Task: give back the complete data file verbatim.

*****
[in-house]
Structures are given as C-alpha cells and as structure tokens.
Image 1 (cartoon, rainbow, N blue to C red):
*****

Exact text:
[in-house]
Structures are given as C-alpha cells and as structure tokens.
Image 1 (cartoon, rainbow, N blue to C red):